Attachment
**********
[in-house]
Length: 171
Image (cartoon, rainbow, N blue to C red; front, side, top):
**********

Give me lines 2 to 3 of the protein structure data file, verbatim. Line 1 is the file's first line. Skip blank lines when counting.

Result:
Length: 171
Image (cartoon, rainbow, N blue to C red; front, side, top):